Of the same nature, and still more to our purpose, are all those passages scattered over the Bible, so bright and so numerous as to cover all its pages with living light, which offer salvation to men—to all men—with the assurance that all may come and live. Thus Isaiah: " Ho, every one that thirsteth, come ye to the waters, and he that hath no money; come ye, buy and eat; yea, come, buy wine and milk without money and without price." " Though your sins be as scarlet, they shall be as white as snow ; though they be red like crimson, they shall be as wool." " Let the wicked forsake his way, and the unrighteous man his thoughts : and let him return unto the Lord, and he will have mercy upon him, and to our God, for he will abundantly pardon," Isa. lv. 1 ; i. 18; lv. 7. And so the Saviour: "Come unto me, all ye that labour and are heavy laden, and I will give you rest. Take my yoke upon you, and learn of me, for I am meek and lowly in heart, and ye shall find rest to your souls." " If any man thirst, let him come unto me and drink," Matt. xi. 28, 29 ; John vii. 37. And so those gracious words with which a volume designed to reveal the mercy of God to man so beautifully and so appropriately closes : " And the Spirit and the bride say, Come. And let him that heareth say, Come. And let him that is athirst come: and whosoever will, let him take the water of life freely," Rev. xxii. 17.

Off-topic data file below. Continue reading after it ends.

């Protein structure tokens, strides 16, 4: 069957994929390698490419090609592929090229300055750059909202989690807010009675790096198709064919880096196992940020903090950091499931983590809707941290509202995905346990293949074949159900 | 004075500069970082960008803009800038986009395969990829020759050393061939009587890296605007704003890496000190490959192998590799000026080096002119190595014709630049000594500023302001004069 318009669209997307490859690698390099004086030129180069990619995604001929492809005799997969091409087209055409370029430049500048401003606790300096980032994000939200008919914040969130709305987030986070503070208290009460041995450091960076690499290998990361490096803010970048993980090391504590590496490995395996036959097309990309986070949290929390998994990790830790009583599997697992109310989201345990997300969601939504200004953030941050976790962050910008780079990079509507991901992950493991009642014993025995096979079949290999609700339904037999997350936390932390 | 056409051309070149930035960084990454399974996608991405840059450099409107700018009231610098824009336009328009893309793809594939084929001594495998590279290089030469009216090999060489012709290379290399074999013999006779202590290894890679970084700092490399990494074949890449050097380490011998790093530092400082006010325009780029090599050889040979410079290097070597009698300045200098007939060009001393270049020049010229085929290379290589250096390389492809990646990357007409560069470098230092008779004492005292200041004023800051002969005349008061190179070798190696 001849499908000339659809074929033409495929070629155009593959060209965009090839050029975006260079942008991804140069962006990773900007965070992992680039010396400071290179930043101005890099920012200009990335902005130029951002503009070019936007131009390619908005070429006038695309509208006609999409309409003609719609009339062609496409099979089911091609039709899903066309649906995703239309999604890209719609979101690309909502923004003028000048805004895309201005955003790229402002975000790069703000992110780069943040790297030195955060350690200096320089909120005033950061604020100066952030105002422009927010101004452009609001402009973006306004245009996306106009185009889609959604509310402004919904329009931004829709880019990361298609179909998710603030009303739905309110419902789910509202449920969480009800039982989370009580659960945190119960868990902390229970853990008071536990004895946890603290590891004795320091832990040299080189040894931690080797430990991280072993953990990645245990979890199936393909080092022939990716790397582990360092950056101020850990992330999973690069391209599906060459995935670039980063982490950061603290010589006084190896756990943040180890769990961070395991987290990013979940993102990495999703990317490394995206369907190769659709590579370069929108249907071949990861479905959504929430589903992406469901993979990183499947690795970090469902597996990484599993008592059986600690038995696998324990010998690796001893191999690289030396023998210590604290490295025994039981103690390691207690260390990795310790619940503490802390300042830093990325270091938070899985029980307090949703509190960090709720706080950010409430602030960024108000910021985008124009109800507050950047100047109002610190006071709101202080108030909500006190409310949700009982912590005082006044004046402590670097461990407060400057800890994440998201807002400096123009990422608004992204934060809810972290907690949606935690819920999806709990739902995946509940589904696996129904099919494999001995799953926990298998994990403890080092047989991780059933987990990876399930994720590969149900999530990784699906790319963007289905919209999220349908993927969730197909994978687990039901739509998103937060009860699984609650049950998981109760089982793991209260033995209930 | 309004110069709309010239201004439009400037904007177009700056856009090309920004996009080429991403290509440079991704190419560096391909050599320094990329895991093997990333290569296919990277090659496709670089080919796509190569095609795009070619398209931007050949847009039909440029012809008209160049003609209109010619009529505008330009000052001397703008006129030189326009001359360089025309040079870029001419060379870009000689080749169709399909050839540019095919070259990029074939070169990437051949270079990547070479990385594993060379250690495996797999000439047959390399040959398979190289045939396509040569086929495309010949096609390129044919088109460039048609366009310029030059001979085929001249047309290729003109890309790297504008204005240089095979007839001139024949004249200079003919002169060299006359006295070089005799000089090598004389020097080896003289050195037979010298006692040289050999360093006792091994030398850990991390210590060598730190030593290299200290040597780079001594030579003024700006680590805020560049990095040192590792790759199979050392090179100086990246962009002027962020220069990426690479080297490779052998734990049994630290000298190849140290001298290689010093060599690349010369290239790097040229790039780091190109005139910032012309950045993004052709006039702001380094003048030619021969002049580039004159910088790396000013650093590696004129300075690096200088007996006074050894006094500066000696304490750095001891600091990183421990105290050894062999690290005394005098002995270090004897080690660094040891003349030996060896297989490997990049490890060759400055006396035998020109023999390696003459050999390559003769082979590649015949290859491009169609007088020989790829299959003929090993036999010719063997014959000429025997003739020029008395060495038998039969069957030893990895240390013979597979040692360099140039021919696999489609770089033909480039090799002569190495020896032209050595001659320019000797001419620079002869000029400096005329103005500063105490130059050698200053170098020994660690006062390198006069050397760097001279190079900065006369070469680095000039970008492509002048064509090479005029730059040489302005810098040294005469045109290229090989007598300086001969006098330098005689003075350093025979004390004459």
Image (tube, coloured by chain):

If there were any doubts on this subject, these plain and positive passages of the Bible would put those doubts to rest. No language could be more clear. I need not add that the Bible is full of passages of a similar character. Indeed, as already hinted, the leading design of the Bible is to reveal this great truth, that God is a merciful Being, and to disclose the terms on which he will impart mercy, and the way in which it may be done consistently with the honour of his law and the good of the uerse:—,the way in which he may do it so as to avoid the difficulties to which I adverted in the former part of this discourse. If we were to attempt to characterize the Bible as distinguished from all other books, I do not know that we could give a better account of it than this. One other remark, however, should be made here. It is, that the mercy offered in the Bible to men is offered only on definite and carefullyguarded conditions. It is mercy only through a Redeemer; mercy imparted where there is repentance toward God, and faith in the Lord Jesus Christ. Every offer of mercy is limited to that method; within that limit, it is freely and fully offered to all mankind.